“Only a partner that truly comprehends an organisation’s business and workflows can interpret the results of the monitoring properly and draw the necessary conclusions. They need to consider the critical junctions in the processes. Where will the business evolve and what network resources are needed for this?” summarises Kieron McDonald. This ensures that not only monitoring is performed accurately, but also that the outcomes are applied correctly.                                        

The state of the network – valuable insights through in-depth analysis:

In its practical application, Konica Minolta’s customers can see the benefits such a process provides first-hand. “In general, our customers already have a rough idea of the limitations and challenges their networks face. Reoccurring network problems, outdated infrastructure, opaque operational costs or seasonal bottlenecks are examples of what drives them to seek our support,” explains Kieron McDonald. For the analysis, Konica Minolta develops a tailored set-up, matching the customers system and requirements. “The clear goal here is to identify their true problems or suboptimal resource allocations, and hence optimisation potential, on a quantified, fact-based level,” McDonald elaborates. The potential Konica Minolta identifies are frequently quite significant – on average, every second organisation enjoys double-digit cost savings and increased performance.

With their unique, comprehensive experience in different industries and with various sizes of company, Konica Minolta’s experts thoroughly understand the factors crucial for the customer – and focus on those with great weight when it comes to optimising their network. Hence, their first question to the customer is not: ‘What solutions do you want us to implement?’ but rather: ‘What do you need or want to achieve with your network?’ This approach provides them with a better understanding of the parameters and performance indicators truly important to the customer. Based on this information, Konica Minolta runs its dedicated in-depth analysis of the strengths and weaknesses, be it in a short- or long-term evaluation.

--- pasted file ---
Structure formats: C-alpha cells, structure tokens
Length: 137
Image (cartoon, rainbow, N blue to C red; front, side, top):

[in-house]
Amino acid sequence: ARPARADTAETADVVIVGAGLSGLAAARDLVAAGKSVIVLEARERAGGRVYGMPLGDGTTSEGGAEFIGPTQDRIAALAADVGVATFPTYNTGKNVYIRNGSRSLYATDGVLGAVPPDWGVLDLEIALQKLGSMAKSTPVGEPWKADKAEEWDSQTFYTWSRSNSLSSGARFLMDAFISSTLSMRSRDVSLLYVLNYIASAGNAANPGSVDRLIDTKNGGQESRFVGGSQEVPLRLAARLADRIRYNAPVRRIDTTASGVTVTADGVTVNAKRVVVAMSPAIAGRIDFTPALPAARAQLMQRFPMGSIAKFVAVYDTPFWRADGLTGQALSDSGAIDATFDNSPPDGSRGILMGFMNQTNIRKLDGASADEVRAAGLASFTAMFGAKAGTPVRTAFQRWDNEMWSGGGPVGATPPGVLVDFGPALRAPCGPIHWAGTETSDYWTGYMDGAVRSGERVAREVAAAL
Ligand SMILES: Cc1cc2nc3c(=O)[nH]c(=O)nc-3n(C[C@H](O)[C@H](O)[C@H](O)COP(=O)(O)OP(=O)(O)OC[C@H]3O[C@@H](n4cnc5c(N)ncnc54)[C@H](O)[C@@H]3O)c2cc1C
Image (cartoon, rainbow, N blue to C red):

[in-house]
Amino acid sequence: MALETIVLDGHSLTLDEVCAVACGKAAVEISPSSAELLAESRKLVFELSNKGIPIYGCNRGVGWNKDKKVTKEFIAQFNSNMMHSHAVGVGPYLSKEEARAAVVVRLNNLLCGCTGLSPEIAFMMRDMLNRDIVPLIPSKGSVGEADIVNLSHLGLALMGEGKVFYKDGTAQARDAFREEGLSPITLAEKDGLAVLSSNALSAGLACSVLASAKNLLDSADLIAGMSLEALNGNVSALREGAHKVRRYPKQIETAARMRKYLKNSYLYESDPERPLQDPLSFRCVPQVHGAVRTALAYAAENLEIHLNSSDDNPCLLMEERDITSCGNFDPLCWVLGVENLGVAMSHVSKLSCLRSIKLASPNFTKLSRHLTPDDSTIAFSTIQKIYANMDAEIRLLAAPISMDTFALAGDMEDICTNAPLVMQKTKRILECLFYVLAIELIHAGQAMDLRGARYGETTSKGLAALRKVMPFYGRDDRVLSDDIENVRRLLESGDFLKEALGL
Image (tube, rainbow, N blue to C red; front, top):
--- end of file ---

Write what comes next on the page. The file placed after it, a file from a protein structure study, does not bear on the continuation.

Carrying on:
Here, it is very helpful that Konica Minolta does not conduct the process of network analysis as a discrete project. Rather, the analysis is combined holistically with its array of IT services. This means that after the analysis of the network has been performed, customers are not left alone with the results. Instead, they receive a comprehensible interpretation of the insights and a dedicated action plan with guidance on the outcomes and suggestions for suitable system amendments.

“We set up our network analysis services in a way that offers our customers the basis to guide their existing resources in the direction where they function best and most efficiently,” explains Konica Minolta’s ITS Business Development Manager. “Konica Minolta’s network analysis thus becomes an important connecting link for customers within their value chain.”


The optimum network – provided by Konica Minolta

 “We understand that, in order to be optimal, every network has to be unique, as it has to meet unique challenges. Our approach to network analysis is therefore not ‘one size fits all’: instead, we accompany the customer on their path to their ideal network setup,” Kieron McDonald concludes. With its holistic, customer-centric approach to network analysis, Konica Minolta provides customers with the best possible solution based on their requirements and constantly supports them – the right partner to future-proof their customers’ IT network.

[1] ITIC 2019 Global Server Hardware, Server OS Reliability Report; Information Technology Intelligence Consulting (ITIC); 2019;

[2] IT Priorities 2019: Security concerns top agenda for network buyers again; Computer Weekly/TechTarget; 2019;